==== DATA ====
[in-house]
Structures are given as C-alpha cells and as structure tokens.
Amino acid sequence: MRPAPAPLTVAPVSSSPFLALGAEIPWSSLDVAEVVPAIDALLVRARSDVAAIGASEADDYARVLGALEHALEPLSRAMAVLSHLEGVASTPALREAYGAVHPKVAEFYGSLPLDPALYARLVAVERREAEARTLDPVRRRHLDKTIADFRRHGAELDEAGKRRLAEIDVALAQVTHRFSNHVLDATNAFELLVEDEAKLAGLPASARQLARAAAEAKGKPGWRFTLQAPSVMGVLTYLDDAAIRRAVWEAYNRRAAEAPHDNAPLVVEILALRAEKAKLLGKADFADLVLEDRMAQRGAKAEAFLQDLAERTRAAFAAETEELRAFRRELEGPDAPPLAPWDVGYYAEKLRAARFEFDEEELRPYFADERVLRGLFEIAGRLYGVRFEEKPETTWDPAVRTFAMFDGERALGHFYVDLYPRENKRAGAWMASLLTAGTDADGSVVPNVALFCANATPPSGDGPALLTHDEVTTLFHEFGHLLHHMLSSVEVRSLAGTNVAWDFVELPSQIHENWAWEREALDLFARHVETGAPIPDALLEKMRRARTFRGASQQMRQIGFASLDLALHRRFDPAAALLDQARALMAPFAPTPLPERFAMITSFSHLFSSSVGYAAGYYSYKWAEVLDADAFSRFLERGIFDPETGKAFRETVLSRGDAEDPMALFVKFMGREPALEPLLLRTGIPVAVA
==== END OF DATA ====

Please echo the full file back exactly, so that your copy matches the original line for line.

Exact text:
[in-house]
Structures are given as C-alpha cells and as structure tokens.
Amino acid sequence: MRPAPAPLTVAPVSSSPFLALGAEIPWSSLDVAEVVPAIDALLVRARSDVAAIGASEADDYARVLGALEHALEPLSRAMAVLSHLEGVASTPALREAYGAVHPKVAEFYGSLPLDPALYARLVAVERREAEARTLDPVRRRHLDKTIADFRRHGAELDEAGKRRLAEIDVALAQVTHRFSNHVLDATNAFELLVEDEAKLAGLPASARQLARAAAEAKGKPGWRFTLQAPSVMGVLTYLDDAAIRRAVWEAYNRRAAEAPHDNAPLVVEILALRAEKAKLLGKADFADLVLEDRMAQRGAKAEAFLQDLAERTRAAFAAETEELRAFRRELEGPDAPPLAPWDVGYYAEKLRAARFEFDEEELRPYFADERVLRGLFEIAGRLYGVRFEEKPETTWDPAVRTFAMFDGERALGHFYVDLYPRENKRAGAWMASLLTAGTDADGSVVPNVALFCANATPPSGDGPALLTHDEVTTLFHEFGHLLHHMLSSVEVRSLAGTNVAWDFVELPSQIHENWAWEREALDLFARHVETGAPIPDALLEKMRRARTFRGASQQMRQIGFASLDLALHRRFDPAAALLDQARALMAPFAPTPLPERFAMITSFSHLFSSSVGYAAGYYSYKWAEVLDADAFSRFLERGIFDPETGKAFRETVLSRGDAEDPMALFVKFMGREPALEPLLLRTGIPVAVA